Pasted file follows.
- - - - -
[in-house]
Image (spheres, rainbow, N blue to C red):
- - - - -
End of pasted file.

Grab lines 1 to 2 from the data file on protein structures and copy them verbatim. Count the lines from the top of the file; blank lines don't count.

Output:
[in-house]
Image (spheres, rainbow, N blue to C red):